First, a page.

The first time my husband and I gave Abigail a bath, we prepared in advance for the momentous event. We gathered supplies, laid out a new diaper and freshly washed clothes, and set up the camcorder and the camera. We were both a little nervous, but the bath was a success (other than having a tired and slightly-chilled baby by the end of it).
When it was time to give our second child, Jack, his first bath, it was my mom who was there to help me. With two experienced moms giving a newborn his first bath, the event was quite different than it had been with my daughter. We didn't do much advance planning. We quickly drew some warm water in a plastic basin and grabbed the nearest towel (I think it was a clean dish towel!). We never thought to get out the video camera, and snapping a few pictures was almost an afterthought.
Bathing a newborn can be a fun and enjoyable experience, whether you are bathing your firstborn or lastborn. But for a new parent who has never bathed a newborn, it can be a little tricky and anxiety provoking.
What you can do:
- Choose a time of day when your baby is normally calm and well-fed. If this is your baby's first bath, his umbilical cord still likely is attached and you should only be giving him a sponge bath. Make sure that the room is warm and free of drafts.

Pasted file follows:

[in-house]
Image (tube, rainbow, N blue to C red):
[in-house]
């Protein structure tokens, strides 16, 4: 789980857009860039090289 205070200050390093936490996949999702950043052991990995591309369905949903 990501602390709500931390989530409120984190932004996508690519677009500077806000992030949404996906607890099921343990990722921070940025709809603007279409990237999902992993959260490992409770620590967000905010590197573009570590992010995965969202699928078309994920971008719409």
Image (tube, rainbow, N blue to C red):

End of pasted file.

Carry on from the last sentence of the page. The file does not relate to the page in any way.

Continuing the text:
- Have bathing supplies (a basin of warm water, small washcloth, towel, a few large cotton balls, clean diaper, and clothes) ready and within easy reach.
- Test the bath water to make sure it feels comfortable.
- Undress baby and place him on a flat surface such as the counter next to the sink, the floor, or a changing table. Use a changing pad, blanket, or soft towel to pad the surface. If you're bathing your baby on a counter or changing table, always keep a hand on him for his safety.
- Ensure your baby stays warm through the bath by keeping him wrapped in a towel and only exposing those areas you are washing.
- Working quickly but gently, use one cotton ball dipped in water to swipe each eye from the inside corner of the eye to the outer area. Then use another cotton ball to wash around each ear.
- Use a small washcloth dipped in warm water to clean baby's face, especially around the nose and mouth.
- Continue cleaning baby with the warm washcloth, making sure to wash the genital area and bottom last.
- Talk or sing to your baby throughout the process. If your baby starts to fuss or becomes distressed, you may want to stop bathing him and try again at another time.